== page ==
Three Questions on Donor-Advised Funds

As 2020 ended and Americans reflected on the struggles of the past year, it became clear how many Americans rely on charities to serve critical needs – whether it be health care, education, food assistance, shelter, or social justice reform. While charities struggled to keep up with the rising demand of their services, design flaws in our tax system have allowed more than $140 billion to sit in donor-advised funds (DAFs) instead of in the hands of working charities. Below are frequently asked questions about DAFs and how IACG’s policy reforms can help address the shortcoming in our tax code and get money to working charities, faster.

What is a donor-advised fund?

A donor-advised fund (DAF) is a financial vehicle that lets donors give to a charitable sponsor, which holds and invests the funds in a separate account until the donor decides at some future date to advise grants out. When a donor funds their DAF, they receive an upfront tax benefit. DAFs are an important charitable giving tool and play a vital role in supporting the place-based, mission-driven organizations, such as community foundations.

What are the problems with the current rules around donor-advised funds?

The conventional idea of a charitable gift, and the one traditionally supported by the tax code, is that a donor parts with their money by making what might be called an outright gift to charity. With a true outright gift, the charity has complete control over use of the funds. DAFs, however, allow donors to keep effective control of funds through advisory privileges, which can even be passed on to a donor’s heirs.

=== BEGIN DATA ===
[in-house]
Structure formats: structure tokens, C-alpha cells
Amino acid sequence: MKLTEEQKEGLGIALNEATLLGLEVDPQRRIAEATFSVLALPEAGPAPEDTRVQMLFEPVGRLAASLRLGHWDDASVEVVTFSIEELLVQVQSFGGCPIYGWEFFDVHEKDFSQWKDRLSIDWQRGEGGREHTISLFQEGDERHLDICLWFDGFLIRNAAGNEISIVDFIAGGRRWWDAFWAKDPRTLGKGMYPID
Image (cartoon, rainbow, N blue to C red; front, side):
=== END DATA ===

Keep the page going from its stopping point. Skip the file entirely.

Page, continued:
Current tax law provides an upfront tax benefit when a donor puts money in a donor-advised fund. All the tax benefits – income tax deduction, capital gains exclusion, and estate tax benefits – are tied to giving to the DAF, not distributing from the DAF. Simply put, there is no incentive or requirement for donors ever to advise grants from their funds. While some DAF accounts pay out quickly and robustly, many do not. The payout numbers reported by DAF sponsors are averages across all DAF accounts, thus allowing low paying accounts to free ride for payout purposes off of higher paying accounts.

How will IACG’s reforms address the loopholes around DAFs?

IACG wants to encourage distributions from donor-advised funds and it makes sense to tie giving incentives – the income tax deduction – to the desired behavior – the paying out of funds to the working charity. We propose two options for DAF donations: payout in 15 years or align the tax benefit with the distribution of funds to charities. We want to provide flexibility for the donor, but still incentivize giving to working charities. So, if a donor prefers to get a tax deduction in the year of gift to the DAF, but advise their contributions in a future year, they would have that option by agreeing to advise all contributions and earnings within 15 years. If a donor would prefer to give their money over a period of time longer than 15 years, they would elect to have an aligned benefit rule, receiving the income tax deduction when the funds are distributed to charity.

With these rules in place for donor-advised funds, we can address the design flaws in the charitable tax laws and accelerate giving to charities. Every donor-advised fund account would have an incentive or requirement in place to fulfill their purpose: making grants to charities.

Learn more about IACG’s policy proposals here.